Given some metric, in Web2 it is still easy for a site to measure its own audience: all the necessary information is available to the site. However, to measure audience from outside requires different strategies. Moreover, Web2 is meant to shift its users from being passive viewers of Web1 content to being active creators of Web2 content. This brings new questions of measurement of activity which did not arise in Web1: how to measure the various actions of users? We consider the following classes of actions:

  • “Clicks and connections”: simple activities which only require a single click to complete, such as rating a movie, voting in a poll or voting for a story (as in Digg), or adding a semantic link, such as adding a friend.
  • “Comments”: adding a short response, comment or tag to existing content, such as a news story, blog entry, photo, etc.
  • “Casual communication”: sending a message to another user, either via an e–mail–like system or via instant messaging. These are typically short, a sentence or two per communication.
  • “Communities”: interacting in larger groups or communities by joining a group or posting a message to a group.
  • “Content Creation”: uploading or entering some entirely new content, such as a webcam movie, digital photo, or blog posting.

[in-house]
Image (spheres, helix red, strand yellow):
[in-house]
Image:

For a given site, it is relevant to measure the frequency of these actions, and to measure what fraction of users participates in each one. Much of the hype surrounding Web2 focuses on content creation as being a key element. However, while many users have created and shared some content (Madden and Fox, 2006), on any given site new content is only created by a few users. Similarly, the most popular content may be dominated by a small clique (e.g., perceptions of bias in Digg front page [Carr, 2007]), or by professionally produced content (e.g., YouTube’s most viewed list is dominated by music videos [YouTube, 2007a]). Other activities are also key to the success or failure of a Web2 site, and so it is also important to understand the less active interactions (comments, clicks and links), and also the virtually passive (views). Finding the relative distributions of these activities (distributions of comments per posting, votes per poll, ratings per movie) are key to understanding the more complex interactions. Simply taking a ratio of uploads to views for YouTube (2007b) gives a 1:1500 ratio of active to passive. But this is overly simplistic, and does not capture the fact that a few videos get millions of views, while a large fraction (the long tail) receive only a handful. It also does not answer how many users of YouTube only ever view content.